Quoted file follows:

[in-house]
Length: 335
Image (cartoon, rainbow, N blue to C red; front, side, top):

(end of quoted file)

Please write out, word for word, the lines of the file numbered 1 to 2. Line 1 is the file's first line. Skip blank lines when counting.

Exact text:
[in-house]
Length: 335